Phillips' actions a week ago provide some clues about his methods and his mental state, experts say.

A state trooper spotted a man driving an uninspected motorcycle on Route 60 in the Town of Charlotte. So the trooper followed the man back to a nearby Route 60 house and remained outside, trying to confirm the identity of the man who had just parked the motorcycle.

The motorcycle operator, according to police, walked nonchalantly up the outdoor stairway into the upstairs flat.

As the trooper learned it was Ralph "Bucky" Phillips, he radioed for backup help. Phillips, believed armed with a 9 mm handgun, jumped out a window and back into the backwoods of northern Chautauqua County.

That night, Phillips had the perfect ingredients for a shootout with police, if "suicide by cop" was his goal. Instead, he fled.

Ewing, the UB professor, was struck by reports that Phillips walked so calmly up those stairs. "It's probably pretty telling about his mental state, about his smarts," Ewing said. "He's in his comfort zone. He knows that he's probably got a better chance escaping than if he goes on a wild chase on his motorcycle. It sounds like it was coldly calculated."

One of the most hotly debated questions about Phillips concerns how violent he is.

State Police have said repeatedly they are 100 percent sure he shot and wounded Brown in Chemung County on June 10.

Yet many northern Chautauqua County residents, even those who support the police and want Phillips caught, don't believe he represents a physical danger to civilians.

Those who know him insist he's basically not a violent man. Several relatives and friends have questioned the State Police's certainty about Phillips having shot the trooper.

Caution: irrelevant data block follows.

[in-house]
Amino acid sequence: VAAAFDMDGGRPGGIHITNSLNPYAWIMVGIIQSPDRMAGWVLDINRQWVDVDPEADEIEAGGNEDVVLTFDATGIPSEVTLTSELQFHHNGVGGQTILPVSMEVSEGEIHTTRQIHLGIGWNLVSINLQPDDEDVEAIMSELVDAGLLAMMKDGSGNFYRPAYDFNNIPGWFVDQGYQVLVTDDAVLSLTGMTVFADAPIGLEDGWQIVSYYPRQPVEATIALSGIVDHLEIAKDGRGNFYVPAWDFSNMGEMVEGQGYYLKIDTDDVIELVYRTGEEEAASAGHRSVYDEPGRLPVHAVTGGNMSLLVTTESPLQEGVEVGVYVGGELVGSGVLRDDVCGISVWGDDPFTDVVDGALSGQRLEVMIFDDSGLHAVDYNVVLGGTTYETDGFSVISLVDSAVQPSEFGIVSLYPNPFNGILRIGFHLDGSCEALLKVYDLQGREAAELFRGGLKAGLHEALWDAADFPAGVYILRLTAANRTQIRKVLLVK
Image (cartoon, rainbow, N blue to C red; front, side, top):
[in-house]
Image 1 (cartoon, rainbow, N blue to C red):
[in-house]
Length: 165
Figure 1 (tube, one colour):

"He has always been a passive person, unless he is feeling extremely [physically] threatened," Horton said. "He does not fight back. That is not his nature. If that's what happened, he must have felt physically threatened."

No violence occurred last week, while a lone state trooper waited for help outside the house. That's a far cry from what apparently happened near Elmira 2 1/2 months ago.

"He probably felt he was cornered there," Ewing said. "But in the most recent incident, he had a plan for how he was going to get out of there. He's also smart and cunning enough not to use [violence] when he doesn't have to."

Phillips has his own M.O. He steals all kinds of vehicles and breaks into unoccupied hunting camps. He steals food and drink, clothes and weapons, but only what he needs. Friends say he has his code of ethics, that he wouldn't hurt innocent people.

State Police cringe at such claims, asking how the shooting of a trooper can fit into anyone's code of ethics. "If people don't think he's dangerous, they're kidding themselves," State Police Major Michael T. Manning said.

No one knows how this will end. The snow will be flying in a few months. How does Phillips expect to survive in the woods then?

"If he's just living day by day, maybe he's not thinking about a year or six months from now," Delprino said. "It's a different mind-set."